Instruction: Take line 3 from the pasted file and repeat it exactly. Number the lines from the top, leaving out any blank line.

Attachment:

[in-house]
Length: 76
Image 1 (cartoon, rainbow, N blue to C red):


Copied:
Image 1 (cartoon, rainbow, N blue to C red):